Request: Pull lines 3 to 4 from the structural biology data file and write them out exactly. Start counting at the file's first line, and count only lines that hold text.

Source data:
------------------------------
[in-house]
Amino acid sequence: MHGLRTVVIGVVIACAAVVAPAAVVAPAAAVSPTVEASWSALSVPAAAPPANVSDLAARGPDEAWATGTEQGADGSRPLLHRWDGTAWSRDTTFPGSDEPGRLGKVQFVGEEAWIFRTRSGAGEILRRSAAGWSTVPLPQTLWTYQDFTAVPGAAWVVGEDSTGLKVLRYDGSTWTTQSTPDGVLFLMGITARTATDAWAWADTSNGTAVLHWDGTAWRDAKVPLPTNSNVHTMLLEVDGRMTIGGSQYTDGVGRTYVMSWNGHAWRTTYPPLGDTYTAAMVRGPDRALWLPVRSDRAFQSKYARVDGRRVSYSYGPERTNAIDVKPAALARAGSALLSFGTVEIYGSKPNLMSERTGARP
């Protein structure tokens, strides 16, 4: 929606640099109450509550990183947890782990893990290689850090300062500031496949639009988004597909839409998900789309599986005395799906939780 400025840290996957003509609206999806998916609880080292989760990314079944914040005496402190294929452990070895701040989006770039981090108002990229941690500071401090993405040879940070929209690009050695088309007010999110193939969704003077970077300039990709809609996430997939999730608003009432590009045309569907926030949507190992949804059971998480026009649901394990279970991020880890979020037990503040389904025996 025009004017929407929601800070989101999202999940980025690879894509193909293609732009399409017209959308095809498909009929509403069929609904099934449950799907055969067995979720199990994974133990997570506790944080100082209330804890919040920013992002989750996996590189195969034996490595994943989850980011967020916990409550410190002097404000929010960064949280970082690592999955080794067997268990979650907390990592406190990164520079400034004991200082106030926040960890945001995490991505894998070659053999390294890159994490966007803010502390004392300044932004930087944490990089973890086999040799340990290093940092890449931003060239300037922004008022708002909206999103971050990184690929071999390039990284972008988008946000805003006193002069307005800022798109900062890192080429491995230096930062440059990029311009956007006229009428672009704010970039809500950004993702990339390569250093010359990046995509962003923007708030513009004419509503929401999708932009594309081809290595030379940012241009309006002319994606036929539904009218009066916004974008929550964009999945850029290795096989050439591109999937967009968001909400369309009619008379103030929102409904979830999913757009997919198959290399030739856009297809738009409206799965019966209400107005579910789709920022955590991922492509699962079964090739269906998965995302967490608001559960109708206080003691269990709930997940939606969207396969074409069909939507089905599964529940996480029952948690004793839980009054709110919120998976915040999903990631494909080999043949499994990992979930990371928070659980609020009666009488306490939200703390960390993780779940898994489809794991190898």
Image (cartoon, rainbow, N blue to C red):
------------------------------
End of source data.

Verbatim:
């Protein structure tokens, strides 16, 4: 929606640099109450509550990183947890782990893990290689850090300062500031496949639009988004597909839409998900789309599986005395799906939780 400025840290996957003509609206999806998916609880080292989760990314079944914040005496402190294929452990070895701040989006770039981090108002990229941690500071401090993405040879940070929209690009050695088309007010999110193939969704003077970077300039990709809609996430997939999730608003009432590009045309569907926030949507190992949804059971998480026009649901394990279970991020880890979020037990503040389904025996 025009004017929407929601800070989101999202999940980025690879894509193909293609732009399409017209959308095809498909009929509403069929609904099934449950799907055969067995979720199990994974133990997570506790944080100082209330804890919040920013992002989750996996590189195969034996490595994943989850980011967020916990409550410190002097404000929010960064949280970082690592999955080794067997268990979650907390990592406190990164520079400034004991200082106030926040960890945001995490991505894998070659053999390294890159994490966007803010502390004392300044932004930087944490990089973890086999040799340990290093940092890449931003060239300037922004008022708002909206999103971050990184690929071999390039990284972008988008946000805003006193002069307005800022798109900062890192080429491995230096930062440059990029311009956007006229009428672009704010970039809500950004993702990339390569250093010359990046995509962003923007708030513009004419509503929401999708932009594309081809290595030379940012241009309006002319994606036929539904009218009066916004974008929550964009999945850029290795096989050439591109999937967009968001909400369309009619008379103030929102409904979830999913757009997919198959290399030739856009297809738009409206799965019966209400107005579910789709920022955590991922492509699962079964090739269906998965995302967490608001559960109708206080003691269990709930997940939606969207396969074409069909939507089905599964529940996480029952948690004793839980009054709110919120998976915040999903990631494909080999043949499994990992979930990371928070659980609020009666009488306490939200703390960390993780779940898994489809794991190898």
Image (cartoon, rainbow, N blue to C red):